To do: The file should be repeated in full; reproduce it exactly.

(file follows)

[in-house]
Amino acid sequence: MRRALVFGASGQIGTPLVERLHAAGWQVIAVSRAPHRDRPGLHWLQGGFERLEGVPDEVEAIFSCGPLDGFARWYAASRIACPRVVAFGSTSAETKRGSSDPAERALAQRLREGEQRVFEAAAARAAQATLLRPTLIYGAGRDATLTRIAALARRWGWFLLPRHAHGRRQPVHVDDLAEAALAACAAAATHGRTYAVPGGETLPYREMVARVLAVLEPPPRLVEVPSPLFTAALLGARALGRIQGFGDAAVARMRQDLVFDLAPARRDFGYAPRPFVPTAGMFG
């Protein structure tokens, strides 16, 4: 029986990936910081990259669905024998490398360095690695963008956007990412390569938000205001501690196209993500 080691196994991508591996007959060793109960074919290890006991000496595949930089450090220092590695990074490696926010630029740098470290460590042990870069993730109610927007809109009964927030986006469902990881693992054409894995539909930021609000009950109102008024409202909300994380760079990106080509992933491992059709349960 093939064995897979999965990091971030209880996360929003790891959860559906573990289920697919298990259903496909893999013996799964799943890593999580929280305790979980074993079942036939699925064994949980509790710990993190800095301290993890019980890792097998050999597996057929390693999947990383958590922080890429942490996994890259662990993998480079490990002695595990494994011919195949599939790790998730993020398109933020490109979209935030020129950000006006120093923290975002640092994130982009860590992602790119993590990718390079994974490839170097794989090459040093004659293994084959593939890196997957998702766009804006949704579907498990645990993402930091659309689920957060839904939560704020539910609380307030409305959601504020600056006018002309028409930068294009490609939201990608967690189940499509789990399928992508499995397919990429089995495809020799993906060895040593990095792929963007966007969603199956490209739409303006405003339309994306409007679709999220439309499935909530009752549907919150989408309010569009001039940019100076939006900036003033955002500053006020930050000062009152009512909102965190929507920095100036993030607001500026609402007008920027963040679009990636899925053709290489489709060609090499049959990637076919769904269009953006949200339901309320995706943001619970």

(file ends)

[in-house]
Amino acid sequence: MRRALVFGASGQIGTPLVERLHAAGWQVIAVSRAPHRDRPGLHWLQGGFERLEGVPDEVEAIFSCGPLDGFARWYAASRIACPRVVAFGSTSAETKRGSSDPAERALAQRLREGEQRVFEAAAARAAQATLLRPTLIYGAGRDATLTRIAALARRWGWFLLPRHAHGRRQPVHVDDLAEAALAACAAAATHGRTYAVPGGETLPYREMVARVLAVLEPPPRLVEVPSPLFTAALLGARALGRIQGFGDAAVARMRQDLVFDLAPARRDFGYAPRPFVPTAGMFG
């Protein structure tokens, strides 16, 4: 029986990936910081990259669905024998490398360095690695963008956007990412390569938000205001501690196209993500 080691196994991508591996007959060793109960074919290890006991000496595949930089450090220092590695990074490696926010630029740098470290460590042990870069993730109610927007809109009964927030986006469902990881693992054409894995539909930021609000009950109102008024409202909300994380760079990106080509992933491992059709349960 093939064995897979999965990091971030209880996360929003790891959860559906573990289920697919298990259903496909893999013996799964799943890593999580929280305790979980074993079942036939699925064994949980509790710990993190800095301290993890019980890792097998050999597996057929390693999947990383958590922080890429942490996994890259662990993998480079490990002695595990494994011919195949599939790790998730993020398109933020490109979209935030020129950000006006120093923290975002640092994130982009860590992602790119993590990718390079994974490839170097794989090459040093004659293994084959593939890196997957998702766009804006949704579907498990645990993402930091659309689920957060839904939560704020539910609380307030409305959601504020600056006018002309028409930068294009490609939201990608967690189940499509789990399928992508499995397919990429089995495809020799993906060895040593990095792929963007966007969603199956490209739409303006405003339309994306409007679709999220439309499935909530009752549907919150989408309010569009001039940019100076939006900036003033955002500053006020930050000062009152009512909102965190929507920095100036993030607001500026609402007008920027963040679009990636899925053709290489489709060609090499049959990637076919769904269009953006949200339901309320995706943001619970």